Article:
Q. How often should I consider remortgaging my buy-to-let property?

A: There is no set period, but it is generally advisable to review your mortgage deal periodically, especially as you approach the end of a fixed rate term or if there have been significant changes in your financial situation.

Q. Can I remortgage with a lender different from my current one?

A: Remortgaging often involves switching to a new lender, although it may also be possible with your current lender.

Q. Will I need to undergo another affordability assessment when remortgaging?

A: You will almost certainly need to undergo an affordability assessment as part of the remortgaging process. This is likely to include your property’s rental yield versus a hypothetical increase in interest rates, and other costs, such as letting agent commissions, service charges, insurance premia and maintenance costs. Your credit standing and personal income will probably also be examined. Your savings and investments might be taken into account as a potential source for repaying the mortgage, particularly an interest-only mortgage.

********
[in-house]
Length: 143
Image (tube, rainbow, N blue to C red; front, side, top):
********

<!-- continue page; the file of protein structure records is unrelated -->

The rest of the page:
Q. Can I remortgage if I have an interest-only mortgage?

A: You can remortgage an interest-only mortgage, but you may need to provide evidence of a credible repayment plan for the outstanding mortgage balance at the end of the term, as well as meeting the lender’s affordability checks satisfactorily.

Q. How long does the remortgaging process typically take?

A: The timeline can vary, but generally it should take around 4-8 weeks from submitting your remortgage application to completing the legal process and transferring the mortgage to the new lender. However, it is prudent to allow for unexpected delays in matters such as local authority searches.

Reduce interest costs

Make your BTL work again! Pauzible pays the increase in your mortgage costs for up to 5 years, in return for a share in the value of your buy to let property.